What’s in Senate Democrats’ new health care, climate and tax proposal

FAN Editor

Washington — Senate Majority Leader Chuck Schumer and Sen. Joe Manchin, a moderate Democrat from West Virginia, surprised Washington this week with their announcement of a deal on a spending package that aims to address health care costs, combat climate change and tackle the deficit.

An agreement on the plan has evaded Democrats for months, with negotiations coming in fits and starts as Manchin expressed concerns about new federal spending amid rising consumer prices. But a breakthrough emerged Wednesday with the Inflation Reduction Act, breathing new life into President Biden’s domestic policy agenda.

While more narrow than the sweeping social spending proposal put forth by Mr. Biden last year, the president on Wednesday threw his support behind the deal from Schumer and Manchin, saying in a statement it will address high health care costs and inflation, and invest in the nation’s energy security.

Senate Democrats are using an expedited legislative process called budget reconciliation to move the plan through the upper chamber, which allows it to pass with a simple majority. But with Democrats controlling 50 seats, support — and attendance — from all of their members is crucial in order for the measure’s passage. It’s unclear whether Sen. Kyrsten Sinema, a moderate Democrat from Arizona, backs the measure, and she was absent from a Democratic caucus meeting Thursday.

Schumer and Manchin said in a statement Wednesday the legislative text would be submitted to the Senate parliamentarian for review to ensure it complies with the rules of the budget reconciliation process, and the full Senate could consider the legislation next week before departing for the monthlong August break.

But COVID-19 infections could complicate that plan. Sen. Dick Durbin, a Democrat from Illinois, announced Thursday he tested positive and would work remotely, while Sen. Patrick Leahy, a Democrat from Vermont, has been sidelined by surgery after fracturing his hip last month.

Still, Mr. Biden is urging swift passage of the plan by the Senate, followed by approval from the Democrat-led House.

Here is what’s in the new health care, tax and energy package:

Tax Revenue

Democrats’ tax revenue proposal has two components: a 15% corporate minimum tax imposed on the nation’s largest corporations, which would raise an estimated $313 billion, and nearly $80 billion needed for tax enforcement and compliance by the Internal Revenue Service.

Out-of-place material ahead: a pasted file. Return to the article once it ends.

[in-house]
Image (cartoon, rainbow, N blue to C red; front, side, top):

The increased tax enforcement will bring in an estimated $124 billion, according to the Congressional Budget Office. 

Democrats predict their new package will reduce the deficit by roughly $300 billion, and they stressed the tax provisions will not affect families making $400,000 or less, which follows a promise from Mr. Biden.

Health Care

The new legislation includes a policy that allows Medicare to negotiate for the price of prescription drugs starting in 2023 and sets an annual cap of $2,000 on out-of-pocket costs for Medicare patients enrolled in drug plans, according to a summary from Senate Democrats’.

The prescription drug pricing provisions are estimated to bring in $288 billion, according to the Congressional Budget Office.

Under Democrats’ proposal, enhanced Affordable Care Act subsidies would also be extended through 2025. The premium subsidies were included in the $1.9 trillion COVID-19 relief package enacted last year and were set to lapse at the end of the year.

According to the Congressional Budget Office, the extension of the subsidies will cost $64 billion over 10 years.

Climate and Energy

The legislation invests $369 billion in energy security and climate change proposals and reduces carbon emissions by approximately 40%  by 2030, Democrats said in a summary of the provisons.

Senate Democrats herald the plans to combat climate change as representing the “single biggest climate investment in U.S. history.”

To incentivize consumers to purchase technologies to lower emissions and energy prices, the bill includes $9 billion in consumer home energy rebate programs, a $4,000 consumer tax credit to purchase used electric vehicles and a $7,500 tax credit to buy new clean vehicles, both of which are available only to lower and middle income individuals. 

The bill’s energy section invests $30 billion in production tax credits to speed U.S. production of solar panels, wind turbines, batters and critical minerals processing; $10 billion in tax credits to build clean technology manufacturing facilities, such as those that make electric vehicles and and solar panels; and $500 million through the Defense Production Act for heat pumps and critical minerals processing.

It also calls for $2 billion in grants to shift existing auto manufacturing facilities to make clean vehicles and up to $20 billion in loans to construct new clean vehicle plants, according to the outline from Senate Democrats.

For rural communities, the plan invests more than $20 billion for “climate-smart agriculture practices,” $5 billion in grants for fire-resilient forests, forest conservation and urban tree planting, and $2.6 billion in grants for conservation and restoration of coastal habitats, Democrats said.

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